SEVEN NO TRUMP

Daily Post Weekly Photo Challenge: Bridge

I used to play bridge. In fact, I was one of those crazed bridge players who would as often as not watch the dawn come up over a four-heart hand. The entire time I lived in Israel, bridge was probably our prime entertainment. There were people to whom you couldn’t talk usually, but if they played bridge, somehow, you could fit them into your social life. Mostly, you talked about bridge.

Bidding. Contracts. Great games you remembered. Hilarious games. Weird games. Bridge players have their own sense of humor that has nothing to do with anything else.

When Garry and I became a serious thing, I was appalled to discover I’d finally met a man who really — no kidding — didn’t know a diamond from a club. He had never played poker. How do you make it through basic training in the Marines without learning to play poker? At first, I hoped I might convince him to give it a try, but it was soon obvious it wouldn’t happen. Garry doesn’t play games unless they involve movie or sports trivia.

I tried playing bridge online — and in those early online days, you had to pay to play. I played bridge during lunch hour at work. But bridge requires a regular partner. One lone bridge player is like a car with three wheels. It doesn’t roll.

So, as time moved on, I gave up. I have since met other reformed bridge players and we talk, yearn, and dream of the old days. With pretzels and cards. Icy cokes and occasionally, some beer nuts.

That was the good life!

15 thoughts on “SEVEN NO TRUMP

    • There are usually places that give lessons and that is really the best way to learn. We learned, as kids, from one of the mothers on the block and we grew up cheating a lot. I had to relearn everything as a grown up.

      If I thought there was ANY chance of teaching Garry to play, I would be taking lessons too. Because bridge is surprisingly fulfilling. It’s a fascinating game and definitely, my all time favorite from childhood to now. Nothing is more fun … and you get to do it sitting down, too.

      Liked by 1 person

  1. I tried to learn, but it is just beyond me. I do, however, play a vicious game of scrabble or cribbage. As long as I don’t have to figure out bidding or trumps or who does what and where with the cards.

    I married a man, not unlike Garry, who wasn’t sure what cards were even FOR. He’s still not a game player, so I go hungry (game wise) these days. I’ve tried online scrabble, but there is too much cheating involved, which takes the fun out of it.

    My mother’s family were words and cards, and there was always a board game available, or a deck of cards. I kinda miss that now.

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    • I do too … especially no one with whom to play scrabble. Not a world champion, I was pretty good. I was a mediocre bridge player, but i enjoyed it a lot. Bridge is one of those games where you need to find the right people to play with. If you’re not a “killer,” then you need to find people who play for fun, not assassins. Garry learned to play Monopoly because his granddaughter beat him up over it, but the only game he’ll play voluntarily is Trivial Pursuits, preferably the one that specializes in movies.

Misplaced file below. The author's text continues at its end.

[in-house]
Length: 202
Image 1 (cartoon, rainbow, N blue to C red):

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  2. Lynn’s entire family are game players. Whenever we visit, they end up playing games. If possible, I’ll just sit and watch. My sister ruined game playing for me. She always had to win, no matter the means, and would taunt and tease. Lynn is always trying to get me to play cards with her but I just won’t do it!

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    • Garry never learned, so you can’t get him to play. He looks blank. I think he did it on purpose so no one could force him to play. My brother was like your sister. Eventually, I wouldn’t play with him. Then he argued with me about NOT playing.

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  3. my three girlfriends and I used to spend endless hours at Monopoly when we were 9 and 10. We took it very seriously, and trusted no one. When we had to leave the game for some reason, our money went with us. =)
    Sometimes it would get a bit heated. My mother would come in the room and look at the four of us, red faced, sobbing, and say, “what is going ON here?” “nothing” we’d say, and go back to the game.

    My dad taught me cribbage when I was about 12 and ‘let me win’ until the night he realized that not only could I shuffle better than he could, I was winning on my own. THEN it got interesting.

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    • Cribbage is fun and simple. The problem with bridge is that it’s difficult to play well and different people play different ways … at least as far as bidding goes. I don’t know if I have the brain for it anymore. As for Monopoly, I think we spend YEARS playing it on Mary’s front porch. Everybody cheated.

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    • We were also just maybe 9 or 10 when we learned to play, my three friends and I. I think we got tired of Monopoly!

      I haven’t played since I married Garry. I do miss it. But not playing frees up time for other things. Playing bridge took a huge amount of social time and energy.

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  4. Pingback: WPC: Bridges | Lillie-Put

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